He pointed out that the Buddha clearly explained the merit one gains to be born in a good environment if forests are protected, parks and bridges built, and shady places established. “It is unfortunate that man has not been able to understand the fact that misuse of natural resources is a crime,” he argued.

The need to manufacture and store armaments was questioned by Dr Ram Nakshatra, Pali Professor at NNM, in a paper presented to the conference. He pointed out that at the end of a war both sides lose and have to rebuild.

“It always results in damage of wealth, health, environment, mental status and its consequences reach up to the next generation” he argued, adding that behind all these situations are the three poisons of Buddhism – greed, hatred and delusion. “All the misdeeds are being executed first in our wicked mind. So we have to first remove all the unwholesome thoughts from our minds”.

This was a theme touched on by the President of India, Pranab Mukherjee, in his speech at the closing session of the conference. He argued that today we are witnessing a “wanton destruction of human civilisation” and no part of the world is free from this culture of violence.

“It is wanton destruction of the values, of the heritage that have been built up over centuries through generations,” noted Mukherjee. “When the Gandhara architecture at Bamiyan was bombarded by Taliban [in 2000], it was not just an expression of violence against idolatry expressions, but a violence against world heritage”.

He said that the big question is how to combat this mindset and it is universities and educational institutions that need to address it with an open mind. “Universities are places for open minds, free discussions, raising questions and finding answers to satisfy curiosity,” he argued.

“Education means development of mind, which requires constant interaction with teachers, fellow students and others. The atmosphere must be free from prejudice, intolerance and violence and be conducive to free flow of ideas to make the world a better place.”

“While recognising traditions, we need to recognise social needs and not attached to old ways of practice or teaching, and we need to open up and embrace changes,” Dr Christie Chang, President of the International Lay Buddhist Forum told IDN.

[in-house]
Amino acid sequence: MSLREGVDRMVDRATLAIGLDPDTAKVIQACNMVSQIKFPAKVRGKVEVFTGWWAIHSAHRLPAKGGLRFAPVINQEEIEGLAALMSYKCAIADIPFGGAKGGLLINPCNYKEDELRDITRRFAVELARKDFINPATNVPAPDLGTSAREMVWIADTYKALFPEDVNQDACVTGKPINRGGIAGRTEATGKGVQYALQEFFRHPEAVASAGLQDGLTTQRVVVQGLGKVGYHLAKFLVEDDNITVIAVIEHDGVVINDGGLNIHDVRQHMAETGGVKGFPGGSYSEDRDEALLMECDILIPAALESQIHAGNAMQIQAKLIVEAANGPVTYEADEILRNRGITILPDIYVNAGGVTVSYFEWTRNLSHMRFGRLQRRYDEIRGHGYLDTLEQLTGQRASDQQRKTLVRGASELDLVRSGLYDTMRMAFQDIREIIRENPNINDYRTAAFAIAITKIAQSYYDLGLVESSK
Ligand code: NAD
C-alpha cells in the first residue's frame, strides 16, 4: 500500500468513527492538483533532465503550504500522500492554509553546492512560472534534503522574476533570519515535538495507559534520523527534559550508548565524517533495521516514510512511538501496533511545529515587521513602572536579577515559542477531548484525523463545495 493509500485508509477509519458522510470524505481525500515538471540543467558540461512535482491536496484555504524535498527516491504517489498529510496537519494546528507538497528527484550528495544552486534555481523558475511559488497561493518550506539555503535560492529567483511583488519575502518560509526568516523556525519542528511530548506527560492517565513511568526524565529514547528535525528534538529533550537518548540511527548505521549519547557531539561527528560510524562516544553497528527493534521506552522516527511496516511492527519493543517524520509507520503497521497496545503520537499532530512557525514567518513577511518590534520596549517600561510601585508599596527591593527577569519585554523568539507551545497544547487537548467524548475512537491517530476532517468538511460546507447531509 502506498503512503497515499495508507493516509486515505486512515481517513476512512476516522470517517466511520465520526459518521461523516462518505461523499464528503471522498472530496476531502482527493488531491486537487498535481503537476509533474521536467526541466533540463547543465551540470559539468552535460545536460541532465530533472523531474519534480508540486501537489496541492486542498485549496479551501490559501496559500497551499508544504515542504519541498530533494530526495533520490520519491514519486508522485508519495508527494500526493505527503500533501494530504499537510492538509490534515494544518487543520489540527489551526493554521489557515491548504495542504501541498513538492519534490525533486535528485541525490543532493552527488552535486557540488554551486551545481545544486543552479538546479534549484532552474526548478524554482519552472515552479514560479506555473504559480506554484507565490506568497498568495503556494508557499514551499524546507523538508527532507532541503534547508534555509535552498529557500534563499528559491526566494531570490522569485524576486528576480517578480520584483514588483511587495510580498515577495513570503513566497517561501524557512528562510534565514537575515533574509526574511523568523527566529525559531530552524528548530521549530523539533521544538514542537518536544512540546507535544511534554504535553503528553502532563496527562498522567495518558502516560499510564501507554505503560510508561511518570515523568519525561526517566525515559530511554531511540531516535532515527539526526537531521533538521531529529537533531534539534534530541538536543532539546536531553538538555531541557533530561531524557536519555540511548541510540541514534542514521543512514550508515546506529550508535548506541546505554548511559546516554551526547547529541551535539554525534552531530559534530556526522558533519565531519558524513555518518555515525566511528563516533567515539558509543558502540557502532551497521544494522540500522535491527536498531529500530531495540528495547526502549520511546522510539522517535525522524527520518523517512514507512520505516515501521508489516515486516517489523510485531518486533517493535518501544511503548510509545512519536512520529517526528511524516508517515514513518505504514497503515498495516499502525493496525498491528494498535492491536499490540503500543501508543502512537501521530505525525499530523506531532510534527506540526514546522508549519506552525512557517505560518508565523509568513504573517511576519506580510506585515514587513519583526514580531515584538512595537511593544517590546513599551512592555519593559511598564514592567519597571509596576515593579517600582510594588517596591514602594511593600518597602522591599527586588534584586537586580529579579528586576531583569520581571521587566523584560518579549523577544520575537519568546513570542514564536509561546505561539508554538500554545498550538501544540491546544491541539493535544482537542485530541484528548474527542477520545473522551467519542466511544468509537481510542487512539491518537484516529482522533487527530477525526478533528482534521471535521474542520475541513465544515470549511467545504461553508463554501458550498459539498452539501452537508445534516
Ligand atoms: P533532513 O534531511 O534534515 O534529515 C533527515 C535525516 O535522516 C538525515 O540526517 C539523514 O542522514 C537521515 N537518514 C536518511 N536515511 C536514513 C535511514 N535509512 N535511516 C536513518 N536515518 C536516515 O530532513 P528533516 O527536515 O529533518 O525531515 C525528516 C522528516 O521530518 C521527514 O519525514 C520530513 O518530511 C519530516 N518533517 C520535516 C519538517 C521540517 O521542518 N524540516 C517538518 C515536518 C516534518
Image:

She emphasised that while Buddhism face threats in Asia, “we need to stay positive and follow up on networking here … it is good to meet such loving compassionate Buddhists … we need to form alliances … we need to match proposals with funding and see how Buddhists can form a voice”.

While calling on Buddhists to be peaceful and socially engaged, the Nalanda Declaration read out in the presence of President Mukherjee stressed the importance of an ongoing dialogue between science and Buddhism.

“Sciences have explored the outer world and Buddhism has explored the inner world,” the Declaration noted, adding, “in contemporary times these two traditions of exploration are meeting and discovering that instead of being contradictory they are in fact complementary with one another.

“With exposure to Buddhist thoughts, scientists have begun to study the workings of the mind with ground-breaking results. Ongoing dialogue between science and Buddhism is bound to open many avenues of scientific research and its application to betterment of humanity.” [IDN-InDepthNews – 27 March 2017]

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Author: lotuscommnet

Dr Kalinga Seneviratne, who was born and educated in Sri Lanka has spent 20 years in Australia and is currently based in Singapore. He is a journalist, a radio broadcaster, television documentary maker, media analyst and an international communications lecturer. Currently Kalinga teaches Asian regional media systems and journalism and news media at Nanyang Technological University in Singapore. From 2004 to 2012 he was the Head of the Research division at the Asian Media Information and Communication Centre (AMIC) in Singapore. He has also taught international communications at the University of Technology Sydney and Macquarie University (Australia). He has authored and edited many books on media and communications issues. His expertise are in development communication, journalism and feature writing, community radio and alternative media, and international communications. He has won an United Nations Media Peace Award (1987) and the Inaugural Singapore Airlines Educational Award (1992) from the Community Broadcasting Association of Australia for services to the Australian community radio sector. He was the Australian and South Pacific correspondent for the Inter Press Service (IPS) news agency from 1991-1997 and still writes for them IDN IN-Depth News on a freelance basis. He has done reporting assignments for IPS from a number of countries in Asia, Africa and the Middle East. Kalinga was a member of a research team from 1991-1993 at the University of Technology Sydney looking at ‘Cultural Diversity and Racism in the Media’ in Australia. Kalinga is still a practicing journalists who writes for many publications across Asia and also produce radio and television documentaries.